"Record levels of births among minorities in the past decade are moving the USA a step closer to a demographic milestone in which no group commands a majority, new Census estimates show," Haya El Nasser reported Friday for USA Today, in the lead story for its weekend edition.
"Minorities accounted for almost 49% of U.S. births in the year ending July 1, 2009, a record high, according to data released Thursday. They make up more than half the population in 317 counties - about 1 in 10 - four states (California, Hawaii, New Mexico, Texas) and the District of Columbia.
"The USA TODAY Diversity Index shows increases in every state since 2000. The index was created to measure how racially and ethnically diverse the population is. It uses the percentage of each race counted by the Census Bureau - white, black, Asian, American Indian, Native Hawaiian - and Hispanic ethnicity to calculate the chance that any two people are from different groups. The scale ranges from 0 (no diversity) to 100.
"The 2009 national index is 52, up from 47 in 2000. That means that the chance of two randomly selected people being different is slightly more than half. In 1980, the index was 34, a 1-in-3 chance.
"The level of diversity varies widely from region to region - from as high as 79 in Hawaii and 68 in California to as low as 10 in Maine and Vermont and 13 in West Virginia.
"Much of the rapid growth in diversity is driven by an influx of young Hispanic immigrants whose birthrates are higher than those of non-Hispanic whites, creating a race and ethnic chasm and a widening age gap. 'There are more than 500 counties which have a majority of minority children,' says Kenneth Johnson, demographer at the University of New Hampshire's Carsey Institute. 'The population is changing to minority from the bottom up.'"
The American Society of News Editors has set a goal of having the percentage of minorities working in newsrooms nationwide equal to the percentage of minorities in the nation's population by 2025. Currently, minorities make up 33 percent of the U.S. population. The percentage of minorities in the most recent newsroom survey was 13.26 percent.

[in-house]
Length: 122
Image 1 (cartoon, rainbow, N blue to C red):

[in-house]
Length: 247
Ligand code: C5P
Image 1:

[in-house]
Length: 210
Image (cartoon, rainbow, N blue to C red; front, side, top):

3 U.S. Black Columnists in S. Africa Covering World Cup
At least three African American journalists - Kevin Blackistone of AOL Fanhouse,Jemele Hill of ESPN andWilliam Rhoden of the New York Times - are in South Africa covering the World Cup, an event expected to be the most watched in television history.
In addition, "Univision… well, they're maximizing the fact they own the exclusive Spanish-language broadcast rights to 'el mundial' in the U.S. There's cross-promotion galore on all their shows and it seems like all of the network's on-air talent is in South Africa," Veronica Villafañe reported on her Media Moves site.
Also in South Africa: "Daniela Rodriguez, an aspiring TV reporter from Houston," who "beat out more than 1,000 other contestant on ESPN Deportes 'Dream Job: The Reporter' reality show last month, winning the opportunity to do on-air reporting on the Mexican World Cup team from South Africa," Kevin Baxter of the Los Angeles Times reported from Johannesburg. Rodriguez is an account executive for an advertising agency who entered the competition on a lark in December.
Glen Dickson of Broadcasting & Cable reported that "Cable sports giant ESPN's latest network, ESPN 3D, launched successfully at 9:30 am EST Friday with the stereoscopic 3D broadcast of the 2010 FIFA World Cup match between Mexico and South Africa."
And as reported previously, professor Joe Ritchie of Florida A&M University planned to take six FAMU students to South Africa, meeting six journalism students from Shantou University in China. The two groups are collaborating on multimedia coverage of the Cup and of life in South Africa in general. Their work is being posted atwww.famustu.net/worldcup.
Blackistone used his column from South Africa Wednesday to call for a sports boycott of Israel, though not of individual Israeli athletes.
"The reason South Africa was readmitted to the world's sports arena in the early '90s was because an armed struggle waged by the country's oppressed, coupled with international pressure - like that from those world sporting bodies, and protesters I joined who marched and sported anti-Krugerrand buttons - made apartheid defunct," he wrote.
"South Africa is a shining example of the good sports can do for society. In the wake of widespread international condemnation of Israel's botched commando raid last week that killed nine people on a humanitarian aid flotilla headed to the Gaza Strip - where Palestinians live under what Nobel-prize winning South African Bishop Desmond Tutu, also on my flight, once said is Israel's apartheid-like thumb - could it not be time for sport to illuminate Israel's deadly occupation of Palestinians?
"Maybe a sports boycott of Israel, where sports are beloved the same as in South Africa, could help foster a round of truly meaningful peace talks between Israel and Palestinians. Maybe such a collective effort could exercise the same leverage on Israel that it did for nearly 30 years with South Africa."
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